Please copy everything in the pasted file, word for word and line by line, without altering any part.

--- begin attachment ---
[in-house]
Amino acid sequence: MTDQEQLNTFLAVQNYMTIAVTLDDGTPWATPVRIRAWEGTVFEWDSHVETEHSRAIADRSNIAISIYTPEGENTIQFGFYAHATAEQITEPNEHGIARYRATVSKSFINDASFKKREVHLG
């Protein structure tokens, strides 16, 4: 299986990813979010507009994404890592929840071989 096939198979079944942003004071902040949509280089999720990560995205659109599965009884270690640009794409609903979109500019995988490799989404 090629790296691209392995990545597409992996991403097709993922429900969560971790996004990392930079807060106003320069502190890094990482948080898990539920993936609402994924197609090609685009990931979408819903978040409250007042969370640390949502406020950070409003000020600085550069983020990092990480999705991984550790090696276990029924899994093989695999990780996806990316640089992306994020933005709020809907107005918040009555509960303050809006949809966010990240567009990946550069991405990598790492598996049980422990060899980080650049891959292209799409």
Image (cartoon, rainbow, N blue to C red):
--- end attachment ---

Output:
[in-house]
Amino acid sequence: MTDQEQLNTFLAVQNYMTIAVTLDDGTPWATPVRIRAWEGTVFEWDSHVETEHSRAIADRSNIAISIYTPEGENTIQFGFYAHATAEQITEPNEHGIARYRATVSKSFINDASFKKREVHLG
């Protein structure tokens, strides 16, 4: 299986990813979010507009994404890592929840071989 096939198979079944942003004071902040949509280089999720990560995205659109599965009884270690640009794409609903979109500019995988490799989404 090629790296691209392995990545597409992996991403097709993922429900969560971790996004990392930079807060106003320069502190890094990482948080898990539920993936609402994924197609090609685009990931979408819903978040409250007042969370640390949502406020950070409003000020600085550069983020990092990480999705991984550790090696276990029924899994093989695999990780996806990316640089992306994020933005709020809907107005918040009555509960303050809006949809966010990240567009990946550069991405990598790492598996049980422990060899980080650049891959292209799409």
Image (cartoon, rainbow, N blue to C red):